In the working configuration shown in FIG. 4, the efficiency is the highest when the wave separation is performed with a ratio which is such that the fundamental wave of p-polarized light is 0.6, and the fundamental wave of s-polarized light is 0.4. Accordingly, data with such a ratio is shown. The constructions of the seventh harmonic wave forming optical element and eighth harmonic wave forming optical element are the same between the working configuration shown in FIG. 4 and the working configuration shown in FIG. 5, so that a comparison is meaningless; therefore, a description is omitted.

From the seventh harmonic wave forming optical element on, the waves that are used to generate an eighth harmonic wave are the fundamental wave, second harmonic wave and fifth harmonic wave. Therefore, if Table 3 and Table 4 are viewed by focusing these waves, it is seen that only 60% of all the light is converted into these harmonic waves in the working configuration shown in FIG. 4 (Table 3), while 90% or more of all the light is converted into these harmonic waves in the working configuration shown in FIG. 5 (Table 4). Accordingly, if only the effective utilization efficiency of the light up to the fifth harmonic wave formation is considered, it can be said that the working configuration shown in Table 5 is superior.

TABLE 3

TABLE 4

Furthermore, in the working configurations described above, two cylindrical lenses are used with their axes perpendicular to each other in order to correct the deformation of the beam caused by walk-off. The use of cylindrical lenses has the advantage of easy adjustment; however, it would also be possible to use other lenses such as elliptical lenses for the purpose of correcting the beam deformation.

Moreover, the combination of the polarization (p wave, s wave) of the light that is incident on the respective wavelength converting optical elements is not limited to the combination shown in the fourth working configuration. In concrete terms, examples that may be cited as the polarized light incident on the second harmonic wave forming optical element 3 and the polarized light emitted from the second harmonic wave forming optical element 3 are as follows:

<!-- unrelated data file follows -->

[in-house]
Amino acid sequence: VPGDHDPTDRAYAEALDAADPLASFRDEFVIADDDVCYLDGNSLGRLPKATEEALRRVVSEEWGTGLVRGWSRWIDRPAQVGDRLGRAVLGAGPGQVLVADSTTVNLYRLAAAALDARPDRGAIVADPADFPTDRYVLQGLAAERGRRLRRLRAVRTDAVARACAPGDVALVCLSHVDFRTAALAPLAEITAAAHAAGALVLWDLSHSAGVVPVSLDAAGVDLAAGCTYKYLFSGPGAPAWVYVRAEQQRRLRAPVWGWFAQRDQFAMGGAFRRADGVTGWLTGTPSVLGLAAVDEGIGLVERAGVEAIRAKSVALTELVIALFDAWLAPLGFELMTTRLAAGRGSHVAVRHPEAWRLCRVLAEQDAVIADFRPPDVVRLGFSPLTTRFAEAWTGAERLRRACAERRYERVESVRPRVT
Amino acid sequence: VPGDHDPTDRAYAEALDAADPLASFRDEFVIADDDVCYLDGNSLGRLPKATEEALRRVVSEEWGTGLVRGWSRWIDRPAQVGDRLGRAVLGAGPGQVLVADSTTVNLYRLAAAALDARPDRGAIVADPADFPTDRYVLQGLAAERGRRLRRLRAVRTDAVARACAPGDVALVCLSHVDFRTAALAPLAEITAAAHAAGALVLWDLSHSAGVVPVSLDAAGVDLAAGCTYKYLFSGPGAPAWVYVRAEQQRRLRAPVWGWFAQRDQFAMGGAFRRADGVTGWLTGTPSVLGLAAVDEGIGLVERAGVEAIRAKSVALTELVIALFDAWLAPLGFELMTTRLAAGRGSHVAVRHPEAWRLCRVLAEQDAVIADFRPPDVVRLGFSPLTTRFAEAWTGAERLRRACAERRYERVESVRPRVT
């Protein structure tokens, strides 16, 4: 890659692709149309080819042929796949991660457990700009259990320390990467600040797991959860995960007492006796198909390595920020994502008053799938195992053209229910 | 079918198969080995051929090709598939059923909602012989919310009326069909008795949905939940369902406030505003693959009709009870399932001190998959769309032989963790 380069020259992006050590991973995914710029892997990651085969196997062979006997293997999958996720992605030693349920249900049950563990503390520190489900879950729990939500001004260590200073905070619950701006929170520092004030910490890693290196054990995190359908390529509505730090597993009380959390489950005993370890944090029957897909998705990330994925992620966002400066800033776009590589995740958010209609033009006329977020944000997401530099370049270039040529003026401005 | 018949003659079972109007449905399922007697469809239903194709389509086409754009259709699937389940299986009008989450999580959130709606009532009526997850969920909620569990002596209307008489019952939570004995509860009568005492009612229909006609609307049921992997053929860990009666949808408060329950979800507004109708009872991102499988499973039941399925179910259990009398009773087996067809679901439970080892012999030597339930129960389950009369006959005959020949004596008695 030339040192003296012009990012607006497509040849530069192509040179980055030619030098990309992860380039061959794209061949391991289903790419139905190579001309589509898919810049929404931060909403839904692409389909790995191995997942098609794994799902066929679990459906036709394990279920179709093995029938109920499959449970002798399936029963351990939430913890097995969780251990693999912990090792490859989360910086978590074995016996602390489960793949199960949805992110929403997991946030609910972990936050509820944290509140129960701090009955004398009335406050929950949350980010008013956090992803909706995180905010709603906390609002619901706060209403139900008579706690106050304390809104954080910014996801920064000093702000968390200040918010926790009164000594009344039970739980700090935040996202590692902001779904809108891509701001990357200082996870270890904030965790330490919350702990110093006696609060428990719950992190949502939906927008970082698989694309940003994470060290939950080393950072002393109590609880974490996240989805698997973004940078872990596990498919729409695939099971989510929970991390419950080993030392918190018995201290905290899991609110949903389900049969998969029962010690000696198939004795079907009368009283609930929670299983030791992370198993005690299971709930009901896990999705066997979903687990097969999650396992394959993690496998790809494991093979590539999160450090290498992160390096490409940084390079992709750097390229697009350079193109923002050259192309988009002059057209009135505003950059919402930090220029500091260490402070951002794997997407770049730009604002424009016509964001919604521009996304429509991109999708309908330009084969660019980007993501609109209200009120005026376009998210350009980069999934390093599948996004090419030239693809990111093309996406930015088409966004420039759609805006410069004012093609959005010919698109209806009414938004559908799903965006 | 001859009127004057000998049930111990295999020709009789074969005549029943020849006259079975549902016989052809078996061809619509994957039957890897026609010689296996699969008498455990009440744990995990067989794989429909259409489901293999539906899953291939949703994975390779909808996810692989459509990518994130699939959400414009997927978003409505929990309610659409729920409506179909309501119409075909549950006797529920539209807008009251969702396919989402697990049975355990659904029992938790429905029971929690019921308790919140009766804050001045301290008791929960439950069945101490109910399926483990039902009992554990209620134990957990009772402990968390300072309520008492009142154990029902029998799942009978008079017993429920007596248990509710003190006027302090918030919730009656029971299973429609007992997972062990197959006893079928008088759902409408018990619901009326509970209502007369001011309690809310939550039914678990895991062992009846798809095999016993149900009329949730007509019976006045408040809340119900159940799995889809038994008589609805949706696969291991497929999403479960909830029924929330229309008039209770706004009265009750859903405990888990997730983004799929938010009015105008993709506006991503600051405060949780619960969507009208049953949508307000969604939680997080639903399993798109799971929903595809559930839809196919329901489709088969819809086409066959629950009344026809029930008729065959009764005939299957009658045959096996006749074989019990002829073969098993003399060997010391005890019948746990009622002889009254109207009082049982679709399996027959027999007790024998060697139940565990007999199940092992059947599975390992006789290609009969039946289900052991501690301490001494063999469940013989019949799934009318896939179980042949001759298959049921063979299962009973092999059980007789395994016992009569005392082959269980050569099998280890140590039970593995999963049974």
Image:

[Incidence]→[Emission]: [P(1ω)]→[P(2ω)], [P(1ω)]→[S(2ω)],

    • [S(1ω)]→[P(2ω)], [S(1ω)]→[S(2ω)]
      (for example, the second harmonic wave of p-polarized light is marked as P(2ω)). Moreover, examples that may be cited as the polarized light incident on the third harmonic wave forming optical element 4 and the polarized light emitted from the third harmonic wave forming optical element 4 are as follows:
      [Incidence]→[Emission]: [P(1ω)]+[P(2ω)]→[P(3ω)],
    • [P(1ω)]+[P(2ω)]→[S(3ω)],
    • [S(1ω)]+[P(2ω)]→[P(3ω)],
    • [S(1ω)]+[P(2ω)]→[S(3ω)],
    • [P(1ω)]+[S(2ω)]→[P(3ω)],
    • [P(1ω)]+[S(2ω)]→[S(3ω)],
    • [S(1ω)]+[S(2ω)]→[P(3ω)],
    • [S(1ω)]+[S(2ω)]→[S(3ω)]
      Furthermore, examples that may be cited as the polarized light incident on the fifth harmonic wave forming optical element 6 and the polarized light emitted from the fifth harmonic wave forming optical element 6 are as follows:
      [Incidence]→[Emission]: [P(2ω)]+[P(3ω)]→[P(5ω)],
    • [P(2ω)]+[P(3ω)]→[S(5ω)],
    • [S(2ω)]+[P(3ω)]→[P(5ω)],
    • [S(2ω)]+[P(3ω)]→[S(5ω)],
    • [P(2ω)]+[S(3ω)]→[P(5ω)],
    • [P(2ω)]+[S(3ω)]→[S(5ω)],
    • [S(2ω)]+[S(3ω)]→[P(5ω)]
      With regard to the state of polarization prior to the seventh harmonic wave forming optical element 11, the polarization of the fundamental wave and seventh harmonic wave must coincide in the case of the series connection with the eighth harmonic wave forming optical element 12. Accordingly, [(1ω), (2ω), (3ω), (5ω)]=[S, P, P, P], [S, P, S, P], [P, S, P, S], [P, S, S, S] may be cited. However, among these conditions of polarization between the incident light and emitted light, there are conditions that cannot be established solely by the respective harmonic wave forming optical elements. In such cases, the conditions can be created by inserting a waveplate (polarization control element) as needed on the side of the incidence or on the side of the emission of a harmonic wave forming optical element. Accordingly, such conditions are also cited in the relational expressions described above as the polarization conditions between the light incident on the respective harmonic wave forming optical elements and the light emitted from the respective harmonic wave forming optical elements.